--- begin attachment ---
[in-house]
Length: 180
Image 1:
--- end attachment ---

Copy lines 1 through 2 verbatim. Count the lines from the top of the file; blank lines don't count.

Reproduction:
[in-house]
Length: 180